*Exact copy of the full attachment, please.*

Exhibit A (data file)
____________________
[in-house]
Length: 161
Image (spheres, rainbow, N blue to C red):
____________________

[in-house]
Length: 161
Image (spheres, rainbow, N blue to C red):